Aw, shoot. I should have read down…. I should add that our stove is not one of the fancy new ones, we re-purposed an old sauna to ‘house’ the 100-gallon barrel old monstrosity to heat the ol’ farmhouse, which also had to be converted (anything is possible!)

  • Wendy H says:

    Great read, Ben, but GEEZ – that size is practically a MANSION (by my ‘tiny house’ standards) – but with kids, I’m sure it will be needed when they reach the teen years. Then, the house may not be big enough! LOL

    Downsizing can be painful – it’s a LOT of work trying to get rid of stuff you no longer have an attachment to (or affinity for) and trying to keep most of it from the landfill. As you know, I’m going through that process now in prep for my tiny build out. Ugh! Still, it’s very cleansing to the soul!

    Maybe downsizing, in your case, could be looked at long-range, like when the kids are grown. Many often consider splitting part of the house off to build out as an apartment for them, or other family/guests who visit (thus, the term ‘mother-in-law apartment’). Even some use it as an income generator.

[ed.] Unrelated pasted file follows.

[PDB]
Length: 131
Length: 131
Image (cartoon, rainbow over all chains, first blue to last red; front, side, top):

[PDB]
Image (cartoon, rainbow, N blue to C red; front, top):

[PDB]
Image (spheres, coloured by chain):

One of my friends did this with her place last year, and it’s showing to be VERY handy. She now has a separate space when her kids come to visit – AND – she rents it on Air B&B occasionally in between visits for added income!

    Plus, with a farm, you have other options. Many folks would love to pay to learn about what you’ve done and how you’ve done it. helps farmers and vacationers find each other. (Maybe not now, but someday, this might be a good way to go if you really enjoy that part and/or get burned out on writing!)

    Agritourism is on the rise, especially here in VT, so a great article to read and share with your farmer friends is at

    • Ben Hewitt says:

      Yeah, it’s sorta embarrassing, like admitting you drive a SUV or something.

      We’ve talked about ways to split the house up. But jeez, I might have to get rid of my entertainment room. And what about the indoor lap pool? It’s really very complicated.

      • Wendy says:

        Yeah, some of those necessities are hard to give up! I’m actually looking at a different setup – tiny buildings instead of one big house. Also considering an intentional community/co-housing situation – for writers and artists. We’ll see what plays out long-term. The dreaming of it is the fun part! Now, I gotta almost get to work … well, once the snow melts and mud is gone for sure!

  • […] is our place. Or most of it, anyway. Despite what I wrote a couple of weeks back, I actually kind of like it. It is simple and somewhat rustic, and at times […]